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IN THE 19th century, social democracy was widely associated with radical or revolutionary socialist parties and political movements, many of which actually included the term social democracy in their names. In Britain for example, a Social Democratic Federation was established in 1884, explicitly based on the theories of Karl Marx, as was the Social Democratic Party that was formed in Germany in 1875. Many other European social democratic parties, such as those formed in Austria and Scandinavia during this period, were also strongly imbued with Marxist ideology.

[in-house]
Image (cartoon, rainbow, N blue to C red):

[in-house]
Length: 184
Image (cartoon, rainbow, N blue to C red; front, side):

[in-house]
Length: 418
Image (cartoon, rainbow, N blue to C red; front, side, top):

However, during the 20th century, social democracy dispensed with its Marxist precepts, and thereby consciously was transformed into a moderate, anti-revolutionary, ultra-constitutional, political philosophy, and array of left-of-center political parties. Indeed, so moderate has European social democracy become that ...

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